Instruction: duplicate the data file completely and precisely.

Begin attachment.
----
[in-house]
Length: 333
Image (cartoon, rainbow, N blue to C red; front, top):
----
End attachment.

[in-house]
Length: 333
Image (cartoon, rainbow, N blue to C red; front, top):